- On the cover of the album, the sack is coloured incorrectly (green with a yellow patch).
- In the original French version, the camp centurion in this story (Gracchus Nenjetépus) is the same as that of the previous volume, Asterix the Gladiator — the only time a centurion appears in more than one album. However, in all major translations, he is given a different name in this volume (in the English version, he is named Gracchus Armisurplus in Asterix the Gladiator, and Lotuseatus in this album).
- Dogmatix is introduced in this book. He is first seen outside the pork butcher’s shop in Lutetia. He follows Asterix and Obelix (who do not notice him during the entire journey) all across Gaul back to their village. Obelix notices him before the victory feast because he barks for the very first time and is rewarded with a bone.
- Dogmatix was originally supposed to be a literally running gag in this story alone. However, the authors decided that he should stay in the series as a mascot, violating Goscinny’s original no-pets rule.
- In the first version, the tour was supposed to go the other way around.
- In another initial version, other towns were considered but eliminated for lack of space:
- Cæsarodunum (Tours): rillettes
- Vesunna (Périgueux): foie gras
- Bæterræ (Béziers): wine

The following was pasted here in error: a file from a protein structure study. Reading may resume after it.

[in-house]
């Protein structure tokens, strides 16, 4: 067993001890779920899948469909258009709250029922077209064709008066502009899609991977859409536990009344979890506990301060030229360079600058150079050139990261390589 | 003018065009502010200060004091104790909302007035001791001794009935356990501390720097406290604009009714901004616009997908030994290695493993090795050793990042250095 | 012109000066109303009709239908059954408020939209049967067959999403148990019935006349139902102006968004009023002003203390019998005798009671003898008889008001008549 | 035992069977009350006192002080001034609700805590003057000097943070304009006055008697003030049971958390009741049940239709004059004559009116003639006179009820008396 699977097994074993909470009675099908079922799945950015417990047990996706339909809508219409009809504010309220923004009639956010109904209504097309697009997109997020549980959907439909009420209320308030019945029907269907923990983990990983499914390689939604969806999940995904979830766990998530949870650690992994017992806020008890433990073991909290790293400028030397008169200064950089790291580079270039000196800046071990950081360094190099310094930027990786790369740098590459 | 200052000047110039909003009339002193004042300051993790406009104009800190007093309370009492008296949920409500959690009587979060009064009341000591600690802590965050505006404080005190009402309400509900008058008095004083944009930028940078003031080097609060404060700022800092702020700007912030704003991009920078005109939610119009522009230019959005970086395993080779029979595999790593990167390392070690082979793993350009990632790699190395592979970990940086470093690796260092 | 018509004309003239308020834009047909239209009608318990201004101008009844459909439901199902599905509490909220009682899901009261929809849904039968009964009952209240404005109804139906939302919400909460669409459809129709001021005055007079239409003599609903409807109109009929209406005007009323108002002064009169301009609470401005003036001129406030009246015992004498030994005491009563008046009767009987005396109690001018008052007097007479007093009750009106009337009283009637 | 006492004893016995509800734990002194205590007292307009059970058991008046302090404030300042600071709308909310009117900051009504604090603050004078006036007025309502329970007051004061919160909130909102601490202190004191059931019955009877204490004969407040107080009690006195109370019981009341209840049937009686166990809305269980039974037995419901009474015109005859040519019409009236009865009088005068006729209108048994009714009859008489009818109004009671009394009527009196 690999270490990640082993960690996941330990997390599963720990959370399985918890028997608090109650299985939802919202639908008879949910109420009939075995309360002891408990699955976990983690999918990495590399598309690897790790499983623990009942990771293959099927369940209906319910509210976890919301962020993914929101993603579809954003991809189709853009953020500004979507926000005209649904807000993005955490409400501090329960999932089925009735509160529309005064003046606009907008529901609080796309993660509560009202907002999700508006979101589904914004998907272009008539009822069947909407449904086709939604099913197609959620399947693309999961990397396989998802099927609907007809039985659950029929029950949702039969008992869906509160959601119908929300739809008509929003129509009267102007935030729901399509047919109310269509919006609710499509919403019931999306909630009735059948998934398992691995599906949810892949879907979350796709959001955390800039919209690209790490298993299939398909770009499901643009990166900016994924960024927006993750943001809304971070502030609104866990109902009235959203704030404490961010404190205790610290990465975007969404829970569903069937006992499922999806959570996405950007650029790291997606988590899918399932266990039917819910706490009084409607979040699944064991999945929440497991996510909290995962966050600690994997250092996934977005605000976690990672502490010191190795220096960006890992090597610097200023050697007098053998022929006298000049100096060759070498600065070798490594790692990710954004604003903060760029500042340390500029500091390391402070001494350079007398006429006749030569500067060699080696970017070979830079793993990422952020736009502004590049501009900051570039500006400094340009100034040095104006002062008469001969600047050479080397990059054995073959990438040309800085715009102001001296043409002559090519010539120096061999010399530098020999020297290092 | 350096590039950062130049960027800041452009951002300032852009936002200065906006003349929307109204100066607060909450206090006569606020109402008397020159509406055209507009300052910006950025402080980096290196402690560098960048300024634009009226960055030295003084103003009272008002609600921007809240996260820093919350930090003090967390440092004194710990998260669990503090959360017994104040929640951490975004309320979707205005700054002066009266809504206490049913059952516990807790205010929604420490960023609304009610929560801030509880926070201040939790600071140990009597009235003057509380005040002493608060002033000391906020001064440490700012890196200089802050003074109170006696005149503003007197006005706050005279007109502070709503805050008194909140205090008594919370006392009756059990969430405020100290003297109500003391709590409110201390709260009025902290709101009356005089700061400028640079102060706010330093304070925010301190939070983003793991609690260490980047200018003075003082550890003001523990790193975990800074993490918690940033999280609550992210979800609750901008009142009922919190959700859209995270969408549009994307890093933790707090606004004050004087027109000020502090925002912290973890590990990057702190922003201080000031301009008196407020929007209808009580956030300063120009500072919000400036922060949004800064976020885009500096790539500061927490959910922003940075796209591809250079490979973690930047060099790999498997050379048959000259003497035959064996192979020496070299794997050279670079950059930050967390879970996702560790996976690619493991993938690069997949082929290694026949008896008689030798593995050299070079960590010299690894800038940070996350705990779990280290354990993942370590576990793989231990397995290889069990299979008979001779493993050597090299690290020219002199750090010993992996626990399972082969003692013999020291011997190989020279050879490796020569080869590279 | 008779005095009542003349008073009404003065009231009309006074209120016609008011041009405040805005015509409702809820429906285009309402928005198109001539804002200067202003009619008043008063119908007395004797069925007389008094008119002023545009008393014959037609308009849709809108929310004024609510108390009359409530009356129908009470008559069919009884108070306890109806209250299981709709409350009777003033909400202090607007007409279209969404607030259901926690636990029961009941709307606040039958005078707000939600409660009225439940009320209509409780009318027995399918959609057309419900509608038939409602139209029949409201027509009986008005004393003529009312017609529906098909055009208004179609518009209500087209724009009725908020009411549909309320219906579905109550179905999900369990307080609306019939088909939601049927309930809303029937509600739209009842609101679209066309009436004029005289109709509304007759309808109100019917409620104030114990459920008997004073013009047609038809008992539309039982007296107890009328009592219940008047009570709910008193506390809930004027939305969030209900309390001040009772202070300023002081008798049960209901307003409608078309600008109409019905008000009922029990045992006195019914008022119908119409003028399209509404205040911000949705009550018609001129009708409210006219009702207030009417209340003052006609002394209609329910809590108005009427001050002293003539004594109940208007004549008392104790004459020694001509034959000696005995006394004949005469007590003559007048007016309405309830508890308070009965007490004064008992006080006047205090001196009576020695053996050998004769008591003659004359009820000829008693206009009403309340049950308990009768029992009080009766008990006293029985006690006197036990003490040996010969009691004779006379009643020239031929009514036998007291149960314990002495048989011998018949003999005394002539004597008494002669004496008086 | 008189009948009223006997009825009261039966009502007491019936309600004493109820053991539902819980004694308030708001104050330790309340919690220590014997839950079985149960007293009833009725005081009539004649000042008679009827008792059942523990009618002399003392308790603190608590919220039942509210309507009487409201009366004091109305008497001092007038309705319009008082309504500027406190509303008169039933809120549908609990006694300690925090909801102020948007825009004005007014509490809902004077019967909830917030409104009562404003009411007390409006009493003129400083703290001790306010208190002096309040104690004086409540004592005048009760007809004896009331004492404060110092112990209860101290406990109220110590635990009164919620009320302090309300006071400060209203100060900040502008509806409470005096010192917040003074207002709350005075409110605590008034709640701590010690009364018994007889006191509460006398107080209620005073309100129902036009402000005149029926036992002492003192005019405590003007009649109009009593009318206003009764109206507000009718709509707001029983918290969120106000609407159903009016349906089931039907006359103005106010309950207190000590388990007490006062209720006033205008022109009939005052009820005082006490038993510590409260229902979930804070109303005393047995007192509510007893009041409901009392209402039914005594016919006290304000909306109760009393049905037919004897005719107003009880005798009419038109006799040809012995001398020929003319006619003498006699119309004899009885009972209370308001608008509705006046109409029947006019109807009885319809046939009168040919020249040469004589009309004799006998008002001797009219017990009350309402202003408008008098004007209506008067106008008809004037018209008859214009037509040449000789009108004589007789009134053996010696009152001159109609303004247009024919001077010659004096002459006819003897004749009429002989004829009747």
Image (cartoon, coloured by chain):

- Arelate (Arles): sausage
- Cabello (Cavaillon): melons
- Cularo (Grenoble): walnuts (in French, “Grenoble nuts”)
- Genabum (Orléans): aromatic vinegar
- Suindinum (Le Mans): chicken.
- Even though Asterix and Obelix visit Rotomagus (Rouen), Divodurum (Metz) and Gesocribatum (Le Conquet), they do not buy their local specialties (probably crêpes for Le Conquet); an explanation for these omissions is not explicitly provided, but could be attributed to the two Gauls having to escape Roman forces before they have time to find any shops in the city selling the local specialities.
- This marks the introduction of the concept of Obelix vehemently protesting the implication that he is fat; while he had referred to himself as ‘medium’ in size in Asterix and the Goths, in Asterix the Gladiator Asterix informed him that he was too fat to pose as a lion to infiltrate the Circus and Obelix merely commented that he wished he’d known that, while here he shows evident anger at anyone who calls him fat or even indirectly refers to him as ‘the fat man’, claiming that he’s ‘just not skinny’.
In other languages
- Bengali: Gaul Desh Parikramay Asterix
- Catalan: La volta a Gàl·lia
- Czech: Asterix a Cesta kolem Galie
- Danish: Gallien rundt
- Dutch: Asterix en de Ronde van Gallia
- Finnish: Asterix lyö vetoa (Asterix Makes a Bet)
- French: Le Tour de Gaule d’Astérix
- German: Tour de France
- Greek: Ο γύρος της Γαλατίας
- Hungarian: Galliai körutazás
- Italian: Asterix e il Giro di Gallia
- Limburgish: ‘ne gansen toer…
- Norwegian: Gallia Rundt
- Polish: Wyprawa dookoła Galii
- Portuguese (Brazil): Uma Volta Pela Gália
- Portuguese (Portugal): A volta à Gália
- Russian: Астерикс и Банкет
- Serbian: Земља Гурманија
- Spanish: La vuelta a la Galia
- Swedish: Gallien runt
- Türkçe: Asteriks Galya Turu